Android Auto added to the Africa Twin for 2021

Android Auto now available on the Honda Africa Twin range

If you don’t worship at the altar of Apple you might be delighted to hear Honda have added integration for Android Auto to the Africa Twin for 2021. Owners of Android smartphones will be able to plug into their bikes, revealing extra apps such as Google Maps or Spotify. The same applies to the Gold Wing, CB1000R, Forza 750, X-ADV and Forza 350.

2024 Honda Africa Twin Adventure Sports equipment updates

Words by Michael Neeves

For 2024 the Honda’s fit and finish, as new, is still superb and it’s loaded standard equipment including a 6.5in TFT colour dash, adjustable screen, cruise control, semi-active Showa suspension with a front stroke sensor and electronically adjustable preload, rider modes and a six-axis IMU to control the DCT, ABS, suspension, wheelie and traction control. It comes in white (with red/blue graphics) or black.

2024 Honda Africa Twin Adventure Sports dash

Specs

Engine size 1084cc
Engine type Liquid-cooled, SOHC 8v, parallel-twin
Frame type Steel semi-double cradle, aluminium subframe and swingarm
Fuel capacity 24.8 litres
Seat height 835mm
Bike weight 243kg
Front suspension Showa 45mm USD fork, fully adjustable (EERA optional)
Rear suspension Showa monoshock, fully adjustable (EERA optional)
Front brake 2 x 310mm wave discs with four-piston radial calipers. Cornering ABS
Rear brake 256mm single disc with single-piston caliper. Switchable ABS
Front tyre size 110/80 x 19
Rear tyre size 150/70 x 18

Mpg, costs & insurance

Average fuel consumption 57 mpg
Annual road tax £117
Annual service cost £220
New price £16,299
Used price £8,000 - £15,000
Insurance group 17 of 17
How much to insure?
Warranty term Two years

Top speed & performance

Max power 101 bhp
Max torque 83 ft-lb
Top speed -
1/4 mile acceleration -
Tank range 310 miles

Model history & versions

Model history

  • 2016: Honda launch an all-new generation of Africa Twin, the CRF1000L.
  • 2018: Second-generation Africa Twin gains a ride-by-wire throttle and some tech updates. It is joined in the range by a ‘big tank’ Adventure Sports model.
  • 2020: Engine size increases from 998cc to 1084cc.
  • 2024: Adventure Sports model goes swaps its 21in front wheel for a 19in, has 20mm less suspension travel and with a 15mm lower seat height. 7% more low-down torque, new nose and screen.

Watch our previous Honda Africa Twin Adventure Sports video review below:

Other versions

The standard Africa Twin CRF1100L is more off-road focused and as such comes with tubed tyres, a shorter screen, slimmer bodywork and an 18.8-litre tank. It has all the same technological, engine and chassis updates as the Adventure Sports, but lacks the option of electronic suspension and doesn’t have cornering lights or heated grips as standard.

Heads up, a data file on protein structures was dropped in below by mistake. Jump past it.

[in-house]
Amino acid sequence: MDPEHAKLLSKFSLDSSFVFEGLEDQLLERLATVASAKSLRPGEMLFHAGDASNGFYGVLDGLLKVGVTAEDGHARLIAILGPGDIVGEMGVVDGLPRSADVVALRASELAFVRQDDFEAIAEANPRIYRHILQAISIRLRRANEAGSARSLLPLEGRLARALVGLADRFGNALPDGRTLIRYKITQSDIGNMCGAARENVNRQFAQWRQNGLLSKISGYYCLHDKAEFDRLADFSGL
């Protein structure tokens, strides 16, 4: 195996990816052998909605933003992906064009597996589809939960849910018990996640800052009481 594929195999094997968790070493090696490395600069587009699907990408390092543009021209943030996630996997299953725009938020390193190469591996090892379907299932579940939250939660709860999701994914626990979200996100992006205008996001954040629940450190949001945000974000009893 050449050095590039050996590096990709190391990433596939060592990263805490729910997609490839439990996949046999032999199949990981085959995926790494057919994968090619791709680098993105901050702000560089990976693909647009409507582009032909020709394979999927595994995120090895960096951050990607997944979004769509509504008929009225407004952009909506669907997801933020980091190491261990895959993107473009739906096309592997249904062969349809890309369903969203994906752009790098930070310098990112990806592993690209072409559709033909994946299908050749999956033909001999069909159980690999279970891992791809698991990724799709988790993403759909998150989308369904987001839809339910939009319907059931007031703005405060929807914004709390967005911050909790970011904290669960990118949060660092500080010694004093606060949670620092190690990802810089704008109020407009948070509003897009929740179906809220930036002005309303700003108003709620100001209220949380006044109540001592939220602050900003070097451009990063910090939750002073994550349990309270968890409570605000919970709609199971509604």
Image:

MCN Long term test reports

MCN Fleet: Would I buy the Honda Africa Twin Adventure Sports?

MCN Fleet: Would I buy the Honda Africa Twin Adventure Sports?

Last week, a reader asked me if I have a favourite manufacturer – not something I’ve really thought about before – and that got me thinking about my own bikes and the Honda Africa Twin I’ve now spent 8000 miles on. I reckon I’ve lost 4000 miles of riding thanks to Lockdown 1 & 2. That’s as frustrati

Read the latest report

Owners' reviews for the HONDA CRF1100L AFRICA TWIN ADVENTURE SPORTS (2020 - on)

4 owners have reviewed their HONDA CRF1100L AFRICA TWIN ADVENTURE SPORTS (2020 - on) and rated it in a number of areas. Read what they have to say and what they like and dislike about the bike below.

Review your HONDA CRF1100L AFRICA TWIN ADVENTURE SPORTS (2020 - on)

Summary of owners' reviews

Overall rating: 4.2 out of 5 (4.2/5)
Ride quality & brakes: 4.2 out of 5 (4.2/5)
Engine: 4.5 out of 5 (4.5/5)
Reliability & build quality: 3.8 out of 5 (3.8/5)
Value vs rivals: 4.5 out of 5 (4.5/5)
Equipment: 4.8 out of 5 (4.8/5)
Annual servicing cost: £220
4 out of 5 22' Africa twin adventure sports DCT
21 August 2023 by sahil

Version: DCT

Year: 2022

Very easy bike to ride, can tour, sport, or a bit of dirt with the right tires, comes well equipped, and has all day comfort

Ride quality & brakes 5 out of 5

Suspension is magic, fully electronically adjustable...brakes are good

Engine 5 out of 5

Plenty of power and grunt everywhere, has a nice rumble to it

Reliability & build quality 3 out of 5

New bike, burns oil...taking it to the dealer, hopefully warranty is still intact..Also has a small leak on the right side that I need to look at..